Happy Endings

Happy Endings Biography

Bursting with concise pop hooks and propelled by high-voltage rock energy, the new album from the Missouri quartet happyendings, Losing Generation, proves irresistible and invigorating, from the leap-out-of-your-seat enthusiasm of "Don't Get Better" to the heart-piercing closer, "Always in Love." Assisted by renowned producer Bob Rock (Simple Plan, Metallica), this spirited foursome has forged a non-stop thrill ride for their J Records debut.

Losing Generation's driving title track is an upbeat anthem with passion and hooks to prompt an arena-sized sing-along. "That song sums up the whole spirit of the album and the band," observes singer Brannon Powers, with audible conviction. "A lot of people seem predisposed to believe they can't fight for their dreams." happyendings don't stand for that. "The underlying message of Losing Generation is that it isn't necessarily society holding people back, but themselves -- by not believing that they can't break out of the ordinary."

The curious rise of happyendings -- which also features Brannon's brother Micky on guitar, and the rhythm section of drummer Ian O'Connell and bassist Brandon Little -- disproves that misconception. After self-releasing two albums, the Springfield, Missouri quartet found itself at an impasse; they had built a dedicated regional following, toured across the U.S., and shared bills with acts like Sum 41 and All-American Rejects, but national success had yet to come calling. So when Brannon came across an outdated record label directory, about to be discarded by a local music store, he did the exact thing industry professionals will always tell unsigned acts is a dead end, a strict no-no: He began cold-calling every name in the book.

"Half those phone numbers were disconnected, and the rest went straight to voice mail," remembers Brannon. "Later, I told some people what I had done, making so many calls, and they all said, 'Well, that was a waste of your time.'" Actually, said Brannon: "Not doing anything at all is a waste of time." Against all odds, he did get one return call. The singer mailed off a three-song demo, which in turn led to a small development deal, and eventually, the brass ring: A contract with J Records, part of the RCA Music Group.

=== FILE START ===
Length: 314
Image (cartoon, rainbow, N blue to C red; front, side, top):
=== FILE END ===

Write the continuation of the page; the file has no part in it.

Growing up in rural southwestern Missouri, brothers Brannon and Micky were both passionately into music, albeit of different varieties: The former brother preferred the '60s and '70s rock favored by his parents (the Beatles, Moody Blues), while the latter leaned towards the harder end of the spectrum (AC/DC, Mötley Crüe). When the two started playing in bands together, they discovered their disparate tastes were complementary. "My brother was influenced by movement, energy, and speed," observes Brannon, "while I was fixated with lyrics and melodies. Together, we struck a balance, with the drive of rock and the precision of classic singer-songwriters."

Yet for all their rock & roll dreams, happyendings have a very down-to-earth notion of what their group stands for. "There are some bands that people look to and think, 'I wish that was me up there.' That's not who we are. We're a band that relates to the everyday person. We grew up in the Midwest." Lyrically, the songs of Losing Generation take ordinary experiences, and simply open them up to closer scrutiny. Whether addressing a painful breakup ("Miracle"), or a fractured childhood ("Swingsets & Slides"), they still focus on the upside of the hard times depicted, real or imaginary. "This album isn't meant to be a window into our band or its individual members so much as it is meant to, hopefully, provide insight for the listener, into their feelings," says Brannon.

Helping happyendings capture their sonic ideals on this album was producer Bob Rock, who boasts a roster of that encompasses enduring icons (Metallica, Mötley Crüe, Aerosmith), modern rock giants (Veruca Salt, Our Lady Peace), and many of the band's contemporaries (Simple Plan, Lost Prophets). "People want to hear pure emotion," observes Brannon. "Even though you may have played a song a thousand times, the listeners wants it to feel like it did when you first wrote it. Bob was able to help us achieve that, to wipe the slate clean, and start with the core emotion of each of songs, and, from that, build a very sincere album."

"We want our music to connect and touch our audience and I hope we can create a real event every time we play," concludes Brannon. "We want to move people with our songs, and to be perceived as four guys who took charge of our own lives through making music.'" happyendings has set their sights on a rocking beginning.

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